Author(s): Catarci M, Zaraca F, Angeloni R, Mancini B, de Filippo MG,
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Abstract BACKGROUND AND OBJECTIVES: Lymphadenectomy for papillary thyroid cancer is a matter of debate. After showing its usefulness as a prognostic factor in both melanoma and breast cancer, the concept of sentinel lymph node biopsy was also recently applied to differentiated thyroid cancer. To date, all attempts to locate and remove the sentinel node were based on the intraoperative injection of a vital dye. The feasibility and the technical details of using preoperative lymphoscintigraphy coupled with intraoperative vital dye and gamma probe scanning were investigated and discussed. METHODS: Six patients diagnosed with papillary thyroid cancer were submitted to preoperative lymphoscintigraphy with (99m)Tc-labelled colloidal albumin at different dosages. The operation consisted in a total thyroidectomy with sentinel lymph node biopsy guided by intraoperative injection of a vital dye (Blu Patent V, 2.5\%) and scanning with a hand-held gamma probe. Lymph node dissection was completed in the area in which the sentinel node was located. RESULTS: The sentinel node was identified using all the three methods in all cases (100\%). Considering one of the methods alone, identification rates were 66, 50, and 83\% for preoperative lymphoscintigraphy, vital dye, and probe scanning, respectively. One sentinel node was identified in four cases and two in the other two cases. The optimal dosage of the tracer appeared to be at 22 MBq. CONCLUSIONS: These results underline the necessity to use the combination of nuclear medicine imaging and lymphatic vital dye in order to enhance the identification rate of sentinel node also in thyroid cancer. It is now necessary to check the diagnostic accuracy of this procedure through a controlled trial involving a more extended lymph node dissection in the neck. Copyright 2001 Wiley-Liss, Inc.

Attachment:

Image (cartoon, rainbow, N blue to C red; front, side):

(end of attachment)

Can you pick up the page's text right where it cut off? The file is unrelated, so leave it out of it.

This article was published in J Surg Oncol
and referenced in Journal of Thyroid Disorders & Therapy
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